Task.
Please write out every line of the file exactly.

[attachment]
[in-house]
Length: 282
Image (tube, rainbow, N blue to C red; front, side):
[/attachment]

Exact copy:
[in-house]
Length: 282
Image (tube, rainbow, N blue to C red; front, side):